The End of the Bridge Over the River Kwai Explained: When Duty Becomes Pride

It’s hard enough to think of a more devastating four-word question than “What did I do?” – not only are these mournful and regretful words, but they usually come after something terrible has happened. These are the words of someone who sees the error in his ways but is unable to correct his course in time. “What did I do?” is the last line spoken by Colonel Nicholson, played by Alec Guinness. He was the chief officer of this imprisoned battalion, fully motivated by his duties as a soldier of the crown and respecting the wartime rules of engagement. Nicholson doesn’t want to admit it, but he’s an exceptionally proud man.

His men are tasked with building a bridge over the titular River Kwai, and Japanese Colonel Saito (Sessue Hayakawa, who earned an Oscar nomination for the role) insists that officers help with the work, which goes against of the Geneva Convention. Nicholson is too keen to point out this fact and is essentially kept in a hot box of isolation for days. While the rest of the men initially sabotage their work to avoid helping the enemy, Saito makes a deal with Nicholson and lets the British oversee the construction. Instead of following the motivation of his men, Nicholson wants to prove British excellence in building the perfect bridge, and he begins to impose all the rules on his men that he once maligned Saito for enforcing, often going further than him.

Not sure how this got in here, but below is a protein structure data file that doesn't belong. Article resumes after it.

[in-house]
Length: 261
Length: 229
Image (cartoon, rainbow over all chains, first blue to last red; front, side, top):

What Nicholson doesn’t know is that there is a mission planned to destroy the bridge by the British Army, led by Major Warden (Jack Hawkins) and US Navy man Shears (William Holden) , who had escaped from prison and was presumed dead. . When Nicholson sees the plan in action, with people all around him dying, and knowing how he actively tried to stop the demolition, all he can say is “What have I done?” before using his last moments to trip and fall dead on the detonator. He is a man who had no idea of ​​his pride, someone who wanted to prove that he was a better man than those who opposed him. Guinness plays Nicholson with the stiffest upper lip you’ve ever seen, and seeing that complete mental breakdown when he utters those words makes that devastation all the more palpable. These four words have probably never been used as well in the cinema as here.

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